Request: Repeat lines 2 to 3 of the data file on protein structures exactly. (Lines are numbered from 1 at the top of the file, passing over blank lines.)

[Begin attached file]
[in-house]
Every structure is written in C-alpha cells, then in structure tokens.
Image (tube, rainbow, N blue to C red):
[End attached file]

Every structure is written in C-alpha cells, then in structure tokens.
Image (tube, rainbow, N blue to C red):